Stand-up comedian Cameron Esposito, 34, was raised in Chicago and went to Boston College. She honed her comedy chops with Improv Boston and Improv Asylum and will return to Boston to perform at Brighton Music Hall on Nov. 19. She has appeared on late-night programs such as Chelsea Lately, Conan and The Late Late Show, and she will film her first hourlong stand-up special in December. She is the host of the weekly podcast Put Your Hands Together and has branched out into acting, having recently completed work on three indie movies as well as the Garry Marshall-helmed Mother’s Day opposite Kate Hudson, Jennifer Aniston and Julia Roberts. Esposito is currently developing a project with NBC Universal, and her first book will be published in 2016. She lives in LA with her fiancee, fellow comedian Rhea Butcher.

Cameron Esposito: My girlfriend, Rhea Butcher, who will be appearing with me in Boston, so that’s a great treat for you guys.

Well, at this point in my career, being so huge and such a household name and all, a lot of people would want to be with me for my tens and hundreds of dollars, but she actually likes me. Besides, I started doing comedy in college. She started a bit later. So now she’s nippin’ at my heels, and I can’t let her catch me, so it spurs me on to be better.

Have you met any comedians? You don’t want to piss anybody off. This is a small universe. You don’t shit where you joke.

So first of all, I always wanted to be a priest, which I know is crazy, because that’s not even a thing. But I was like, “I’ll be the one. The pope will change the rules for me.” But seriously, people’s cardinal beliefs about what we are doing here is the most interesting thing in the world to me. And that’s also what stand-up comedy is about. Even if you believe in nothing, if you’re an atheist, it has such bearing on the way you live your daily life. It’s like being inside the clock, seeing how the machine works. It’s like figuring out why we’re on this planet. Faith is the oldest and most primal way of dealing with that. Science came along much later.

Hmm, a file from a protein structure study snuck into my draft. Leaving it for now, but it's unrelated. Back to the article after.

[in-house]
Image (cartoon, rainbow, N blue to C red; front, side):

It was a terrible accident. I was riding my bike, went through a window face first and tore off the whole left side of my hair. It’s not funny. Stop laughing at that.

My Star Wars Pez collection. I have the whole set. It’s the only thing I moved to Los Angeles with.  I got here with no furniture, nothing to sit on, and my Pez collection. I thought, “Perhaps this was miscalculated.”

Nothing. But the thing is that you have to have a reason to talk about it, and a thesis that makes sense, and the joke has to prove that thesis. So that’s the problem with some comics. They don’t really have a reason for talking about a taboo subject. They’re just milking the shock value. That, in my mind, is useless garbage. But I do believe comedy is one of the best ways to talk about things that are difficult and painful. Nothing is offensive if the joke makes sense.

Well, my experience being a male comic is extremely limited, so I don’t really know.

Yes, we are 50 percent of the population, and we’re treated like some sort of fringe group. We’re still fighting to just be in other rooms in the house other than the kitchen, and that extends to every field.